MARY LOUISE KELLY, HOST:
Some white Americans these days are struggling to understand how racism is rooted in their country. They may find answers in some surprising places, like their own churches. While many Christian pastors have been active in the struggle for racial justice, churches at times have also supported the notion of white supremacy. NPR's Tom Gjelten has been exploring that history.
TOM GJELTEN, BYLINE: During the years when they were enslaved, Black Christians in America generally didn't have their own churches. Where they were allowed to attend services, they had to sit in back. Only later could African Americans get churches of their own, often called Sabbath schools. Ladson Presbyterian in Columbia, S.C., dates from that time.
UNIDENTIFIED PERSON #1: I'll see y'all later.
UNIDENTIFIED PERSON #2: All right. Take care, my friend. I'll see you.
GJELTEN: I visited Ladson shortly before the church closed its doors because of COVID-19. The atmosphere after worship that Sunday morning was cozy.
UNIDENTIFIED PERSON #3: So yeah.
UNIDENTIFIED PERSON #4: That was a wonderful trip we took.
UNIDENTIFIED PERSON #3: Yeah.
GJELTEN: Rosena Lucas, 88 years old, is a longtime member at Ladson. She told me the church's roots come from another church a few blocks away, First Presbyterian, where Blacks had been relegated to the balcony.
ROSENA LUCAS: We grew out of the First Presbyterian Church. They've got the space here for us to have a Sabbath school so that the Blacks could come and worship alone.
GJELTEN: Despite those ties, Ladson Presbyterian and First Presbyterian have little to do with each other these days. Lucas can't imagine attending the mostly white church down the street.
LUCAS: I've never had an interest in considering that.
GJELTEN: You don't know anyone who goes there.
LUCAS: I don't know anyone who goes to First Presbyterian Church, no. No.
GJELTEN: Neither does Hemphill Pride. He's an elder in the Ladson church.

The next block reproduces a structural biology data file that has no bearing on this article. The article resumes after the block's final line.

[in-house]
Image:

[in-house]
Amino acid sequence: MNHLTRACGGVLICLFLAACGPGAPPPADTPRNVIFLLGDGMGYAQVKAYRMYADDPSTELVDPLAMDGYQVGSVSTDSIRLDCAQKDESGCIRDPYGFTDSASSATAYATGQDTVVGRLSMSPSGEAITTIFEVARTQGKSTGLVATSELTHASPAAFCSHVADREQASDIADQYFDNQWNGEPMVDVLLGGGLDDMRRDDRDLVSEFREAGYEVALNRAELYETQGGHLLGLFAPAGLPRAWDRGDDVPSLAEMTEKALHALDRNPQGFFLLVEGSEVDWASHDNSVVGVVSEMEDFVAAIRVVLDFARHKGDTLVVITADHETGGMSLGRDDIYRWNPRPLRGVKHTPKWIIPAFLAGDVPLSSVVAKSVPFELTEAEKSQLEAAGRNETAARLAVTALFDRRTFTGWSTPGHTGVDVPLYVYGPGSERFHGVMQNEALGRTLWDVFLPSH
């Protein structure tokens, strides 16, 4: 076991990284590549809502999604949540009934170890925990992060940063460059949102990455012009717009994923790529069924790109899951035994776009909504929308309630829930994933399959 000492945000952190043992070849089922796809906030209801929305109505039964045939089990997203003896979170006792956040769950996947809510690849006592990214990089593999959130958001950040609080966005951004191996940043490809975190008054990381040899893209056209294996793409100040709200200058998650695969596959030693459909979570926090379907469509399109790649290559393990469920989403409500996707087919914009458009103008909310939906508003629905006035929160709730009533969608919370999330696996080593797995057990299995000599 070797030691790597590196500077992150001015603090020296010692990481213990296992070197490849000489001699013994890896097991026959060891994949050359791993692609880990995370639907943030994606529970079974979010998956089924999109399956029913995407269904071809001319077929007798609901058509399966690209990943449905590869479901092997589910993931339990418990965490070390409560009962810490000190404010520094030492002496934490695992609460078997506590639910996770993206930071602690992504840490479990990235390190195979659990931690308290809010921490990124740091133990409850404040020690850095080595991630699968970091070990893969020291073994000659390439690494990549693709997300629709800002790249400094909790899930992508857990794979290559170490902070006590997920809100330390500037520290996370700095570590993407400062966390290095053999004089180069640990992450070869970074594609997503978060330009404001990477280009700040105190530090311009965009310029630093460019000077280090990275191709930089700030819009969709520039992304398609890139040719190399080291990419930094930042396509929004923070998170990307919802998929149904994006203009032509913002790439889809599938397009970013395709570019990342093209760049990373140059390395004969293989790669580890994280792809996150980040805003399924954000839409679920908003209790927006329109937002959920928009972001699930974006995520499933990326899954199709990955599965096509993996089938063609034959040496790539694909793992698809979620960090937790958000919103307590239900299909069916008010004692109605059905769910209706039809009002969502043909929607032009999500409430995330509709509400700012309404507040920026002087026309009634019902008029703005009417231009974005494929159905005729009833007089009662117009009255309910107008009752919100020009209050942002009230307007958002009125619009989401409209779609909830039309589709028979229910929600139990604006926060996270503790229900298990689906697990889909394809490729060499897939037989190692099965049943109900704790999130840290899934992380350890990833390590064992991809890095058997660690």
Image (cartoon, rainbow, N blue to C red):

HEMPHILL PRIDE: I see that church as a stranger, really.
GJELTEN: And the estrangement between these churches is a story of the racial division in U.S. Christianity, how it started and how it's persisted. First Presbyterian in Columbia was led in the years before the Civil War by a preacher who delivered sermons Sunday after Sunday, justifying the enslavement of Black people.
UNIDENTIFIED ACTOR: (As James Henley Thornwell) The relation of master and slave stands on the same foot with the other relations of life. In itself, it is not inconsistent with the will of God. It is not sinful.
GJELTEN: The words of James Henley Thornwell, read here by an actor. In the years when he presided at First Presbyterian, Thornwell himself owned slaves. His message to fellow slave-owning Christians - no problem. They were all right with God.
UNIDENTIFIED ACTOR: (As James Henley Thornwell) The Scriptures not only fail to condemn; they as distinctly sanction slavery as any other social condition of man.
(SOUNDBITE OF CHURCH BELLS TOLLING)
GJELTEN: In the First Presbyterian cemetery, there's a monument to members of the church who served the Confederate cause. James Henley Thornwell is among them. Educated in part at Harvard, Thornwell was, in his time, the leading Christian theologian in the South. He supposedly memorized huge sections of the Bible. He also served the prevailing economic interests at a time when they were under challenge.
Bobby Donaldson directs the Center for Civil Rights History at the University of South Carolina.
BOBBY DONALDSON: Slavery, in the minds of many, was necessary for the South to thrive. And so Thornwell used his pulpit to defend the South against charges by the North, by abolitionists, and more or less said, you know, those who are supporting abolition are themselves atheists and socialists.
GJELTEN: Now, it wasn't enough simply to say slavery was OK. A preacher had to explain why it was justified.
DONALDSON: He provided the intellectual defenses that many slaveholders needed to explain how slavery was not un-Christian, that slavery was not abhorrent but that slavery was actually justified by the biblical teachings.